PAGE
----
Over six days from October 29 to November 3, the 61st Lübeck Nordic Film Days (Nordische Filmtage Lübeck) will host 283 screenings of a total of 196 films, featuring films by well-known directors and fascinating newcomers from the Scandinavian and Baltic countries. The epicenter of the festival is the Competition section, which this year comprises 18 narrative features.
Roy Andersson’s meditation “About Endlessness” (“Om det oändliga”), which recently won the directing prize at the Venice film festival, and Hans Petter Moland’s book adaptation “Out Stealing Horses” (“Ut å stjæle hester”), crowned with a Silver Bear at the Berlin film festival, are among the international highlights in Lübeck that will be joined by other masters of Nordic cinema. In “Master Cheng” (“Mestari Cheng”), Mika Kaurismäki serves up a cinematic delicacy, and in “The Birdcatcher’s Son” (“Fågelfångarens son”), Richard Hobert has directed an emotional family drama set in the Faroe Islands. Marius Holst, whose has won many awards in Lübeck, has set his absorbing, real-life political thriller in “Congo” (“Mordene i Kongo”), while Jesper W. Nielsen, also a Lübeck prize winner, depicts perfidy in the here and now in his psychological thriller “The Exception” (“Undtagelsen”). In the 56 mini-dramas that make up “Echo” (“Bergmál”), director Rúnar Rúnarsson assembles a fascinating mosaic of Icelandic society. In “The County” (“Héraðið”) Grímur Hákonarson, also represented in the Documentary section with “Little Moscow”, tells of a farming widow’s emancipating obstinacy, while Hlynur Pálmason’s “A White, White Day” (“Hvítur, hvítur dagur”) is about a widower who overcomes his sorrow by special means. The film’s lead actor Ingvar E. Sigurdsson (“Fantastic Beasts”) is expected as a guest in Lübeck.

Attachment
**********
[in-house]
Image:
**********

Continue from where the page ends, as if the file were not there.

In the best tradition of Ingmar Bergman, Estonia’s Martti Helde gives us “Scandinavian Silence” (Skandinaavia vaikus”). In “Dogs Don’t Wear Pants” (“Koirat eivät käytä housuja”), Finnish director J-P Valkeapää takes us on a journey to the depths of extreme passion, and in May el-Toukhy’s “Queen of Hearts” (“Dronningen”), Denmark’s star actress Trine Dyrholm plays a woman who enters into a fatal affair. Meanwhile “The Spy” (“Spionen”), loosely based on the life of Norwegian actress Sonja Wiegert, is a woman caught between different men and opposing political interests. Under the direction of Jens Jonsson, Ingrid Bolsø Berdal shines in the title role, alongside Sweden’s Rolf Lassgård, and German Alexander Scheer, who gives an impressive performance as real-life Nazi Reich Commissioner Josef Terboven.
The Competition section is rounded out by four narrative film debuts not to be overlooked. Karolis Kaupinis takes his first bow with the historical satire “Nova Lituania”, while Ulaa Salim’s provocative political thriller “Sons of Denmark” (“Danmarks sønner”) is set in the near future. Directed by Mila Tervo, Finnish party girl “Aurora” is looking for a wife for an Iranian refugee, but above all, on the search for her real self. And in “Wind” (“Anori”) singer Nukâka Coster-Waldau plays a young woman in Greenland wavering between modern life and ancient myths. Director Pipaluk Kreutzmann Jørgensen is the first woman from Greenland to direct a narrative feature.
Lübeck audiences are already familiar with the films of directing duo Måns Mårlind and Björn Stein. But with “Swoon” (“Eld och Lågor”), the two Swedes will be guests in Lübeck for the first time, here to open the Lübeck Nordic Film Days festivities on October 29, 2019.